It's like: feelings (ew), the art of seduction, this american life

the impossible mystery of the sun’s coronal problem revealed

By dusty (March 14, 2008)

Today I flew a kite. Well, I tried to fly a kite. Kites are HARD TO FLY in this digital age. I remember a simpler time, when a kite consisted of a few sticks, some string, and a piece of fabric of some sort. Apparently that time exists no longer.

When we got to the park (we equals two friends and me), the seemingly impossible task of assembling the kites began. Unfortunately, I do not know anyone who works at NASA or any other spacecraft-manufacturing company, so we were left to do this using our own street-hardened, 2.7-GPA brains. After several hours of assemblage, one kite was ready to go. One of us was assigned to man its flight, and the other two began to put together the second kite.

However, a problem immediately reared its head. The kite was missing a crucial support beam, rendering it a useless, mildly-retarded down-syndrome beast of a flying machine. With no plutonium or iron ore stores nearby, we were left to use the knowledge we learned in prison: we fashioned a beam with sticks and fused them together by melting a piece of plastic around the joints with a lighter.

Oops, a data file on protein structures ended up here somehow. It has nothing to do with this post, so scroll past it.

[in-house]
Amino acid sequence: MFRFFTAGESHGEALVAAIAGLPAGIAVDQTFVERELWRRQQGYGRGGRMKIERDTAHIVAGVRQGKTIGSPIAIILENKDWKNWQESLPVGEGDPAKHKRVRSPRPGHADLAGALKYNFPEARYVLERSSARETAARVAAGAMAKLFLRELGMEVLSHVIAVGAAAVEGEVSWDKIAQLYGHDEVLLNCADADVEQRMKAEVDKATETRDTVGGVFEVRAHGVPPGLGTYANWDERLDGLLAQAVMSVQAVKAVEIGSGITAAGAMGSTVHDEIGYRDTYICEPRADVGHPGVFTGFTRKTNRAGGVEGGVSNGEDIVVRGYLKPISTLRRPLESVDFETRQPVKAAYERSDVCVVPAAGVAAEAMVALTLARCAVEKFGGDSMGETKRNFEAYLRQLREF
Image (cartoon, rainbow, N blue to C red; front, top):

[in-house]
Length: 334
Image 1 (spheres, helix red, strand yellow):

But that didn’t work. At all. It soon became obvious that we would have to give up one of the kites and focus on launching the second (imagine being forced to perform a second-trimester abortion to just one of your unborn baby twins…that is how we felt at that point). It took many attempts, but eventually we were able to get the healthy kite into the air (and for a time, it was roughly 50 feet high). Let me tell you, the sense of accomplishment and glamor felt when successfully launching a 74-inch plastic dragon creature into the air is unparalleled. Now I know what God feels like. And it feels good. Like God, but with an extra ‘o’ and a lowercase ‘g’.

When the doomsday bombs are dropped on this country and the apocalyptic Armageddon sirens are blaring, I won’t be boarding up my house and running to my subterranean nuclear safehouse; no, I will be outside, flying a kite — because when a kite is twisting and flapping freely in the wind, who cares about a nuclear holocaust. You know?

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